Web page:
Lindsay Lohan tries to get to court on time, but it has to be in a regular car, she says
Lindsay Lohan doesn’t want me revealing this, but the truth is she risked arrest not because she’s some brat who was too busy in Cannes, but because she’s brave and loyal to her friends, including me — her limo driver.
I was all set to take her to court on time, but her lawyer canceled the booking.
“They say if I drive up to the courthouse in a stretch limo, it’ll make a bad impression,” Lindsay said when she called long-distance last week. “It’s just not done.”
“Well, how the hell are you supposed to get there? Helicopter?” I asked.
“A regular car,” she said.
“A w-what –?”
“Well, it can be an Escalade or a Lexus RX or a Navigator … or probably even a dumb old Bronco … It just can’t be a stretch limo. My lawyer said it’ll make a bad impression. Like I’m spoiled. Or I can’t be bothered…”
“How about we go in a regular-sized Town Car?” I said, thinking quickly, which is one of those skills required to drive around the world’s most creative artists in the world’s most demanding traffic conditions.
“You’re sweet, Stretch,” she said. “But no. I don’t have to drive myself, but it can’t be a limo driver.”
“That sounds pretty discriminatory against limo drivers to me,” I said.
That’s when she broke down. I could hear her sobbing, although maybe it was just the notoriously bad cell reception from the South of France.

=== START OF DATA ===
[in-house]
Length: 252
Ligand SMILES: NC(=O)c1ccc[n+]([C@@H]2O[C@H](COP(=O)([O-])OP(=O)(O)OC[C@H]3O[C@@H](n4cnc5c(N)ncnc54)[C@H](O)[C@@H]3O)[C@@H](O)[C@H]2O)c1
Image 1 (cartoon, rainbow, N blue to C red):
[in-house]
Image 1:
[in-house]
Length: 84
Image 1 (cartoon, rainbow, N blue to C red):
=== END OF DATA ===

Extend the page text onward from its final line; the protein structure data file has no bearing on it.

Then she told me she wasn’t getting on her return flight from Cannes.
“I’ll tell them I lost my passport and couldn’t get back into the country,” she said.
“Nobody’ll believe that,” I said.
I told Lindsay that there are freedoms in America, and that’s what our Founding Fathers fought for – the right to show up in court in whatever vehicle you choose. And that you are innocent until proven guilty, even if you arrive in a limo.
Lindsay said she’d just have to accept the consequences.
I don’t see why it is that we’re a lot closer to accepting gay marriage or pot smoking in this country than we are someone driving up to a courthouse in a stretch limo.
I felt helpless. I told Lindsay we’d look back and laugh about this at 3 a.m. some morning on Sunset Boulevard outside Trousdale, if she was conscious.
“Until then, Lindsay, however you drive to court,” I told her before we hung up, “for God’s sake, make sure the windows are tinted.”
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